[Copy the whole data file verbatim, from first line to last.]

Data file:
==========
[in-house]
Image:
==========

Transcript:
[in-house]
Image: